Testing Skills in Life

I live in Iowa. The winters are very cold and the summers are very hot. I live in a house built in 1920, so I don’t have a functional garage. Heck, I call it “The Shed.” A couple years ago, my husband got me a remote starter. I LOVE it…no ice scraping in the winter, nice cool car in the summer. However, to make that happen, I’ve figured out I need to preset my temperature controls, the window settings and the radio.

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What’s that got to do with testing? The most important step before starting a testing effort is to be sure your environments and data are preset so the iteration can be as successful as possible. With my remote starter, I make sure my car is preset for the most successful morning.

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Ch-ch-ch-ch-changes

I recently changed companies. With my involvement in the local QA association as well as talking with ex-coworkers, I figured this company was quite mature in QA processes. And they are very mature and done a great job of “selling” QA throughout the organization. I figured my transition would be quick and slick. I was wrong.

It’s interesting to consider as software testing professionals, we succeed by verifying the end results meet our customers’ expectations. However, to really excel, we start at same beginning as the developers and must come to the same outcome but by a completely different, but valid, route. What made me think a similarly successful testing department would have reached that feat with the same answers?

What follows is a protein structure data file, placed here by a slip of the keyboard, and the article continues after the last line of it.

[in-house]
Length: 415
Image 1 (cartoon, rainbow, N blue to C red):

I often hear, usually from some shared FaceBook post with an inspiring sunset background, to really grow we must step out of our comfort zone. Of course what is the saying about such things? A cliché becomes a cliché because it is true. In the seven weeks I’ve been at my new company I’ve learned more about testing and the function of a testing department than I learned the last 3 years at my old company.

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We need to do the same thing when it comes to our testing skills. I hate UI testing. I find it tedious. But I know because I took the time to learn UI testing. On the other hand, I love writing SQL queries which is surprising because I avoided anything like programming for most of my life. But then I took a chance and now consider ETL testing my specialty. The more experiences we encounter, the more knowledge we have to draw on to create the best testing strategies for our situation.

So where is the next place I can explore? Besides the ins and outs of my new company (and there are a LOT of ins and outs!!) I know I need to get a better understanding of automation. Any suggestions of where to start?

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